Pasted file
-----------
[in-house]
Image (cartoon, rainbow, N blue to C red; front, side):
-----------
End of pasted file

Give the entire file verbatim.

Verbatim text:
[in-house]
Image (cartoon, rainbow, N blue to C red; front, side):